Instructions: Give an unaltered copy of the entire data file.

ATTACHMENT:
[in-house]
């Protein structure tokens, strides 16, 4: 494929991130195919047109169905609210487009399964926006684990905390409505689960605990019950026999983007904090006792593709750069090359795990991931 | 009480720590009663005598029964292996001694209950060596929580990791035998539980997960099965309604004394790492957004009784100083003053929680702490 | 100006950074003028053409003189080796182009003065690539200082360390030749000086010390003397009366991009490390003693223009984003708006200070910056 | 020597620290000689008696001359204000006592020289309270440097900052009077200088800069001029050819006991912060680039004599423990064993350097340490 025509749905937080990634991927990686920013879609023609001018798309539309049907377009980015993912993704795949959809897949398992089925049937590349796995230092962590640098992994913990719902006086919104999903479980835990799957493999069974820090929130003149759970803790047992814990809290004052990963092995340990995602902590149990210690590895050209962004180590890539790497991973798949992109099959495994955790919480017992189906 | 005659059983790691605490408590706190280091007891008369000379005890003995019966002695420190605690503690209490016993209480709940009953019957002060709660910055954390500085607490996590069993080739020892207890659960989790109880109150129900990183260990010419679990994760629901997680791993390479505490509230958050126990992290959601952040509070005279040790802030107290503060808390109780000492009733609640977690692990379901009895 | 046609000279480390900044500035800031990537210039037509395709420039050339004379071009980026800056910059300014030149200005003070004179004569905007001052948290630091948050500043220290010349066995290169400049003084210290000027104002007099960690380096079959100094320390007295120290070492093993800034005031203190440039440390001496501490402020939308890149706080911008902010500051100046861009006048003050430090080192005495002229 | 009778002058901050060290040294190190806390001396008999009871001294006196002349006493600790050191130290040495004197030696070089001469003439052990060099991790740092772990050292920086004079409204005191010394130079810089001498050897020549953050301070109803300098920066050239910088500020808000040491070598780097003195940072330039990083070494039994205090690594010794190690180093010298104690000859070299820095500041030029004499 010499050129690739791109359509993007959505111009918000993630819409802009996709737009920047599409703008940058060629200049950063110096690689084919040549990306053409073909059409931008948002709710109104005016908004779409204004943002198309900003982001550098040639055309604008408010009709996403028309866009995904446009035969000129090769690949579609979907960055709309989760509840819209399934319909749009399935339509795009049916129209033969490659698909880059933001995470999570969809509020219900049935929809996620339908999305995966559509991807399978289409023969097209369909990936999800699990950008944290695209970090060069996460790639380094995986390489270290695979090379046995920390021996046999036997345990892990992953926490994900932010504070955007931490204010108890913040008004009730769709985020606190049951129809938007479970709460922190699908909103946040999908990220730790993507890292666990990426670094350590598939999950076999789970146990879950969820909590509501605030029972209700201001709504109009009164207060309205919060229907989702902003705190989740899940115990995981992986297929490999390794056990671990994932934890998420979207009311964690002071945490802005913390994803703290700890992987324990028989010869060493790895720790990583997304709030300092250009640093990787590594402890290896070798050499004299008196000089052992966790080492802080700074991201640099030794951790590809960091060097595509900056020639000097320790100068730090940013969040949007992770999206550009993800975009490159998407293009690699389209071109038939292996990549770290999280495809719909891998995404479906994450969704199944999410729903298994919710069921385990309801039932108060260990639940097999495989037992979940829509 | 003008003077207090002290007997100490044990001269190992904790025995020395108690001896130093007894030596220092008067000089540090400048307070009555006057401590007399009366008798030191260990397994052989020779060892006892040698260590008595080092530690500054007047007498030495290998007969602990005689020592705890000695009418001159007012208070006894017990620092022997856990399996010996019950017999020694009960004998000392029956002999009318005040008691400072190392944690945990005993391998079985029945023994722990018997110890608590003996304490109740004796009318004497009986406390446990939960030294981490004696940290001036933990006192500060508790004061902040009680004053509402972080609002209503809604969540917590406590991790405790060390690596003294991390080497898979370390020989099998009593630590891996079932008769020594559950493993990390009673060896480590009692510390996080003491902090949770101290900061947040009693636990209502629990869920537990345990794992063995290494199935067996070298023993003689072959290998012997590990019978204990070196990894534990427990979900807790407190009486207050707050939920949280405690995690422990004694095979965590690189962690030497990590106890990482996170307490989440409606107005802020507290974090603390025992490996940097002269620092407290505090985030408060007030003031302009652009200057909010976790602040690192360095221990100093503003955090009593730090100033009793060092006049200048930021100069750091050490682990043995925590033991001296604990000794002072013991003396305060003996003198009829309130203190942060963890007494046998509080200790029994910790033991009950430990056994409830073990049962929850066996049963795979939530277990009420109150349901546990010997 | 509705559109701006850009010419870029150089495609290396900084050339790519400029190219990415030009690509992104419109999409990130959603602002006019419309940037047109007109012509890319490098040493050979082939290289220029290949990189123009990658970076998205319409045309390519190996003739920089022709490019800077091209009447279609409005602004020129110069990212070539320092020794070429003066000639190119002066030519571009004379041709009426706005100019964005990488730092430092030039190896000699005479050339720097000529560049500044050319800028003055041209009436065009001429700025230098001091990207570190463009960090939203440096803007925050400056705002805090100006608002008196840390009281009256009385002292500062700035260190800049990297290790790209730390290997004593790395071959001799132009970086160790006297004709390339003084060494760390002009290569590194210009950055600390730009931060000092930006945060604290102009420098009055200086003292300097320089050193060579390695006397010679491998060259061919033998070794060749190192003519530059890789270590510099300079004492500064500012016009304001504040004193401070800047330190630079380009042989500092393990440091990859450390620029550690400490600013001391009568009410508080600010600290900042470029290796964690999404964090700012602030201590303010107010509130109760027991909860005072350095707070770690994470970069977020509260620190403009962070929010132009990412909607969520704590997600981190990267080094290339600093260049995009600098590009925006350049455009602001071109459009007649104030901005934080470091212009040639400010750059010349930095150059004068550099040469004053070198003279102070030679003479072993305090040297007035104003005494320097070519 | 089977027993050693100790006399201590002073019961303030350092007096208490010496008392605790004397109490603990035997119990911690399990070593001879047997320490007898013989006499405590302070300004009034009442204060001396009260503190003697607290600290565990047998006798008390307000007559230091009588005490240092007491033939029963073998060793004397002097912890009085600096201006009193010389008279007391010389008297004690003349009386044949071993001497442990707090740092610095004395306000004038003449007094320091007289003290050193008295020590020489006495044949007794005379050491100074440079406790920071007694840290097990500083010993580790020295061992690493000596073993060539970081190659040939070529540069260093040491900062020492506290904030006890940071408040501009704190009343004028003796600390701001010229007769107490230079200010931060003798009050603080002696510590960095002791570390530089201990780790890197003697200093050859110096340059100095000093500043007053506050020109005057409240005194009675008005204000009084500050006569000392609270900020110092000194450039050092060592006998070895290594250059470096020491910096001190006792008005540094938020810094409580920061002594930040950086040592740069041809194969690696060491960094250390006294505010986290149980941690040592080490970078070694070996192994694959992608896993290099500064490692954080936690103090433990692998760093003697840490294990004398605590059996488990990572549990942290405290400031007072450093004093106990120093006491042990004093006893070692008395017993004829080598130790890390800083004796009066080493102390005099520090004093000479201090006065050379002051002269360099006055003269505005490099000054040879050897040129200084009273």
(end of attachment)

[in-house]
């Protein structure tokens, strides 16, 4: 494929991130195919047109169905609210487009399964926006684990905390409505689960605990019950026999983007904090006792593709750069090359795990991931 | 009480720590009663005598029964292996001694209950060596929580990791035998539980997960099965309604004394790492957004009784100083003053929680702490 | 100006950074003028053409003189080796182009003065690539200082360390030749000086010390003397009366991009490390003693223009984003708006200070910056 | 020597620290000689008696001359204000006592020289309270440097900052009077200088800069001029050819006991912060680039004599423990064993350097340490 025509749905937080990634991927990686920013879609023609001018798309539309049907377009980015993912993704795949959809897949398992089925049937590349796995230092962590640098992994913990719902006086919104999903479980835990799957493999069974820090929130003149759970803790047992814990809290004052990963092995340990995602902590149990210690590895050209962004180590890539790497991973798949992109099959495994955790919480017992189906 | 005659059983790691605490408590706190280091007891008369000379005890003995019966002695420190605690503690209490016993209480709940009953019957002060709660910055954390500085607490996590069993080739020892207890659960989790109880109150129900990183260990010419679990994760629901997680791993390479505490509230958050126990992290959601952040509070005279040790802030107290503060808390109780000492009733609640977690692990379901009895 | 046609000279480390900044500035800031990537210039037509395709420039050339004379071009980026800056910059300014030149200005003070004179004569905007001052948290630091948050500043220290010349066995290169400049003084210290000027104002007099960690380096079959100094320390007295120290070492093993800034005031203190440039440390001496501490402020939308890149706080911008902010500051100046861009006048003050430090080192005495002229 | 009778002058901050060290040294190190806390001396008999009871001294006196002349006493600790050191130290040495004197030696070089001469003439052990060099991790740092772990050292920086004079409204005191010394130079810089001498050897020549953050301070109803300098920066050239910088500020808000040491070598780097003195940072330039990083070494039994205090690594010794190690180093010298104690000859070299820095500041030029004499 010499050129690739791109359509993007959505111009918000993630819409802009996709737009920047599409703008940058060629200049950063110096690689084919040549990306053409073909059409931008948002709710109104005016908004779409204004943002198309900003982001550098040639055309604008408010009709996403028309866009995904446009035969000129090769690949579609979907960055709309989760509840819209399934319909749009399935339509795009049916129209033969490659698909880059933001995470999570969809509020219900049935929809996620339908999305995966559509991807399978289409023969097209369909990936999800699990950008944290695209970090060069996460790639380094995986390489270290695979090379046995920390021996046999036997345990892990992953926490994900932010504070955007931490204010108890913040008004009730769709985020606190049951129809938007479970709460922190699908909103946040999908990220730790993507890292666990990426670094350590598939999950076999789970146990879950969820909590509501605030029972209700201001709504109009009164207060309205919060229907989702902003705190989740899940115990995981992986297929490999390794056990671990994932934890998420979207009311964690002071945490802005913390994803703290700890992987324990028989010869060493790895720790990583997304709030300092250009640093990787590594402890290896070798050499004299008196000089052992966790080492802080700074991201640099030794951790590809960091060097595509900056020639000097320790100068730090940013969040949007992770999206550009993800975009490159998407293009690699389209071109038939292996990549770290999280495809719909891998995404479906994450969704199944999410729903298994919710069921385990309801039932108060260990639940097999495989037992979940829509 | 003008003077207090002290007997100490044990001269190992904790025995020395108690001896130093007894030596220092008067000089540090400048307070009555006057401590007399009366008798030191260990397994052989020779060892006892040698260590008595080092530690500054007047007498030495290998007969602990005689020592705890000695009418001159007012208070006894017990620092022997856990399996010996019950017999020694009960004998000392029956002999009318005040008691400072190392944690945990005993391998079985029945023994722990018997110890608590003996304490109740004796009318004497009986406390446990939960030294981490004696940290001036933990006192500060508790004061902040009680004053509402972080609002209503809604969540917590406590991790405790060390690596003294991390080497898979370390020989099998009593630590891996079932008769020594559950493993990390009673060896480590009692510390996080003491902090949770101290900061947040009693636990209502629990869920537990345990794992063995290494199935067996070298023993003689072959290998012997590990019978204990070196990894534990427990979900807790407190009486207050707050939920949280405690995690422990004694095979965590690189962690030497990590106890990482996170307490989440409606107005802020507290974090603390025992490996940097002269620092407290505090985030408060007030003031302009652009200057909010976790602040690192360095221990100093503003955090009593730090100033009793060092006049200048930021100069750091050490682990043995925590033991001296604990000794002072013991003396305060003996003198009829309130203190942060963890007494046998509080200790029994910790033991009950430990056994409830073990049962929850066996049963795979939530277990009420109150349901546990010997 | 509705559109701006850009010419870029150089495609290396900084050339790519400029190219990415030009690509992104419109999409990130959603602002006019419309940037047109007109012509890319490098040493050979082939290289220029290949990189123009990658970076998205319409045309390519190996003739920089022709490019800077091209009447279609409005602004020129110069990212070539320092020794070429003066000639190119002066030519571009004379041709009426706005100019964005990488730092430092030039190896000699005479050339720097000529560049500044050319800028003055041209009436065009001429700025230098001091990207570190463009960090939203440096803007925050400056705002805090100006608002008196840390009281009256009385002292500062700035260190800049990297290790790209730390290997004593790395071959001799132009970086160790006297004709390339003084060494760390002009290569590194210009950055600390730009931060000092930006945060604290102009420098009055200086003292300097320089050193060579390695006397010679491998060259061919033998070794060749190192003519530059890789270590510099300079004492500064500012016009304001504040004193401070800047330190630079380009042989500092393990440091990859450390620029550690400490600013001391009568009410508080600010600290900042470029290796964690999404964090700012602030201590303010107010509130109760027991909860005072350095707070770690994470970069977020509260620190403009962070929010132009990412909607969520704590997600981190990267080094290339600093260049995009600098590009925006350049455009602001071109459009007649104030901005934080470091212009040639400010750059010349930095150059004068550099040469004053070198003279102070030679003479072993305090040297007035104003005494320097070519 | 089977027993050693100790006399201590002073019961303030350092007096208490010496008392605790004397109490603990035997119990911690399990070593001879047997320490007898013989006499405590302070300004009034009442204060001396009260503190003697607290600290565990047998006798008390307000007559230091009588005490240092007491033939029963073998060793004397002097912890009085600096201006009193010389008279007391010389008297004690003349009386044949071993001497442990707090740092610095004395306000004038003449007094320091007289003290050193008295020590020489006495044949007794005379050491100074440079406790920071007694840290097990500083010993580790020295061992690493000596073993060539970081190659040939070529540069260093040491900062020492506290904030006890940071408040501009704190009343004028003796600390701001010229007769107490230079200010931060003798009050603080002696510590960095002791570390530089201990780790890197003697200093050859110096340059100095000093500043007053506050020109005057409240005194009675008005204000009084500050006569000392609270900020110092000194450039050092060592006998070895290594250059470096020491910096001190006792008005540094938020810094409580920061002594930040950086040592740069041809194969690696060491960094250390006294505010986290149980941690040592080490970078070694070996192994694959992608896993290099500064490692954080936690103090433990692998760093003697840490294990004398605590059996488990990572549990942290405290400031007072450093004093106990120093006491042990004093006893070692008395017993004829080598130790890390800083004796009066080493102390005099520090004093000479201090006065050379002051002269360099006055003269505005490099000054040879050897040129200084009273």